Mako teaches the men hand games and makes them sing along in Japanese, and Chuck is terrible at them, unable to sing and count the beats in his head at the same time. After his fourth fuck-up, he gives up, content to sit back and watch Raleigh and Mako. They’re perfectly in sync, hands becoming practically a blur, and their voices meld soft and sweet in harmony.

After that, he’s hungry, and he and Raleigh swing by the cafeteria to eat, feeding Max in between bites.

Chuck gets so caught up in the activities of the day that he’s startled by the alarm, something dropping in the pit of his stomach. He and Raleigh exchange looks.

“How was it?” Raleigh asks. “Not bad for a last day?”

Chuck swallows. “Pretty good, actually,” he says, trying to smile.

It was a good day. But he wants to keep trying to have a better one.

He wants to wake up with Raleigh tangled up with him in his sheets. He wants to smoke a second cigarette and see if it gets any better, he wants to get tipsy without having to feel like he’s failing himself. He wants to talk to his father without the looming threat of death forcing their words.

He wants to live.

Chuck wants, more than anything in the world, to live.

He’s died a hero’s death a hundred times and it’s never been enough, it’s never given him the sense of fulfillment that he’s been waiting for.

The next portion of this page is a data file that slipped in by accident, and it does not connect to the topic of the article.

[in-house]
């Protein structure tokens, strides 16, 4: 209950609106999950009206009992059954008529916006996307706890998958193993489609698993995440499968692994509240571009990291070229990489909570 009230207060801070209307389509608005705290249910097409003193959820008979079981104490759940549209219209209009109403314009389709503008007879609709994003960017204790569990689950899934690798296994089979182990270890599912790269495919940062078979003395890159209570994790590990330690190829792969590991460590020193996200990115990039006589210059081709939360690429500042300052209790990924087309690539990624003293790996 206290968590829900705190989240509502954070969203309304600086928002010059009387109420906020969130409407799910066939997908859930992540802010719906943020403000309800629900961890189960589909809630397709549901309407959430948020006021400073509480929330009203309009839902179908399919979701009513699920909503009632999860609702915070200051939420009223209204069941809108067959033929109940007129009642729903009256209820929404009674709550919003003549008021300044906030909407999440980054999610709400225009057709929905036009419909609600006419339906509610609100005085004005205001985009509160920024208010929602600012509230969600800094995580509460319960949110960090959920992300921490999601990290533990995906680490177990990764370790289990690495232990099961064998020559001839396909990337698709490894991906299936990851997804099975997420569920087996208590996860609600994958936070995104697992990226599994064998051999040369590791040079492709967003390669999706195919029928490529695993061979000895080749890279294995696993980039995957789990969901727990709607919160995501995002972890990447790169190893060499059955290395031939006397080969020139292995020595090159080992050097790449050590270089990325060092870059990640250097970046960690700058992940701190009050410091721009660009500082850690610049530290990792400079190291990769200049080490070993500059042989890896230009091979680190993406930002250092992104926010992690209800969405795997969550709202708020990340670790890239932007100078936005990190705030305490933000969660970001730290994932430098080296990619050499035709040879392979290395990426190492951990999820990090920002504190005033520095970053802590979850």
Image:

But this day, this day filled with every unproductive leisure activity he’s never allowed himself to enjoy, has given him everything he never realized he was lacking. And it’s taught him what he’s lacking still, what he wants.

He wants the morning after.

 

 

Herc catches him in the hallway, as always. “When you drift with someone –”

“Dad.” Chuck says, stopping his father with a raised hand.

There’s so much he could say. But Chuck and his father are never going to have that kind of relationship, never going to spill ‘I love you’s like water.

They don’t have to, though.

“I know, yeah? I’ve always known.” He curls his fingers into his father’s collar. “It’s the same for me. It’s always been the same for me.”

Herc’s eyes are probably wet, but Chuck can’t tell.

He can’t see Herc’s face, with the way they’re wrapped up in each other’s arms.

 

 

The euphoria of the day is already fading when he gets into the harness, and by the time the drift is being activated, he’s settling into a state of grim misery.

“Look sharp, I can’t have you slacking off right now,” Stacker says, taking his place beside Chuck.

Chuck shrugs and knuckles his eyes. “Doesn’t matter, sir. Just gonna do it all again tomorrow anyway.”

Stacker furrows his brow at Chuck. “What?”

“Never mind, you’ll see in a minute.”

They activate the neural handshake. The drift is always deep, but this time, it threatens to swallow Chuck alive. When he comes back to himself, Stacker is staring at him.

“Well,” Stacker says eventually. “You’ve had a long day, Hansen.”

Chuck quirks his lips. “That’s an understatement, sir.”

He’s lived this day a hundred times, but the prospect of having this particular slate wiped clean is unbearable. He feels like all the pieces have finally fallen into place, like his life is in order for the first time since he was nine.